Lucky Numbers

how are they created?

What is a lucky number? - Numberphile

Find your lucky numbers

The first is the lucky numbers of Euler. The second is obtained by writing out all odd numbers: 1, 3, 5, 7, 9, 11, 13, 15, 17, 19, .... The first odd number is 3, so strike out every third number from the list: 1, 3, 7, 9, 13, 15, 19, .... The first odd number greater than 3 in the list is 7, so strike out every seventh number: 1, 3, 7, 9, 13, 15, 21, 25, 31, ....

Numbers remaining after this procedure has been carried out completely are called lucky numbers. The first few are 1, 3, 7, 9, 13, 15, 21, 25, 31, 33, 37, ... (Sloane's A000959). Many asymptotic properties of the prime numbers are shared by the lucky numbers. The asymptotic density is , just as the prime number theorem, and the frequency of twin primes and twin lucky numbers are similar. A version of the Goldbach conjecture also seems to hold.


Thinking of winning the lottery?

Lucky numbers for gamblers

If you take a poll of people who play online slots and other casino games, the odds are great that many of them believe in lucky numbers or other rituals they religiously follow every time they gamble. Much of the appeal of gambling is hitting winning streaks when it seems impossible to lose, and in many cases there's no better explanation than it was your lucky night; once you place your bets, buy your lotto ticket, or spin the slots, whether you're a winner or not is completely up to fate.

As far as finding lucky numbers, getting lotto numbers from fortune cookies is one of the most common places where you'll find lucky numbers to use. Some people don't like this method as it's not very personal and seemingly random, but if you believe in the power of messages from fortune cookies there's no reason to ignore the numbers on the back if you're a lotto fan. If luck is simply the way of the universe rewarding you, why not deliver your good luck in a fortune cookie?

Other gamblers look elsewhere for their lucky numbers, with many cultures believing in the power of certain numbers. Western and Japanese cultures have long believed in the power of the number 7 to bring good luck, with the sinister number 13 bringing its own portion of bad fortune. Chinese culture has its own lucky numbers -- including 6, 8, and 9 -- but these are based on the fact that the word for the numbers sounds similar to other positive Chinese words, so it's more a case of good luck by association.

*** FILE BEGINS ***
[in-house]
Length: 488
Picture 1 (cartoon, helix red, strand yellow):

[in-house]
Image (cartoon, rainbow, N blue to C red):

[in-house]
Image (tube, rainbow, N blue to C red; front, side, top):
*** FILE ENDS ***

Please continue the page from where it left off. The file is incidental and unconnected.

Other people take a more personal approach when it comeIf you take a poll of people who play online slots and other casino games, the odds are great that many of them believe in lucky numbers or other rituals they religiously follow every time they gamble. Much of the appeal of gambling is hitting winning streaks when it seems impossible to lose, and in many cases there's no better explanation than it was your lucky night; once you place your bets, buy your lotto ticket, or spin the slots, whether you're a winner or not is completely up to fate.

As far as finding lucky numbers, getting lotto numbers from fortune cookies is one of the most common places where you'll find lucky numbers to use. Some people don't like this method as it's not very personal and seemingly random, but if you believe in the power of messages from fortune cookies there's no reason to ignore the numbers on the back if you're a lotto fan. If luck is simply the way of the universe rewarding you, why not deliver your good luck in a fortune cookie?

Other gamblers look elsewhere for their lucky numbers, with many cultures believing in the power of certain numbers. Western and Japanese cultures have long believed in the power of the number 7 to bring good luck, with the sinister number 13 bringing its own portion of bad fortune. Chinese culture has its own lucky numbers -- including 6, 8, and 9 -- but these are based on the fact that the word for the numbers sounds similar to other positive Chinese words, so it's more a case of good luck by association.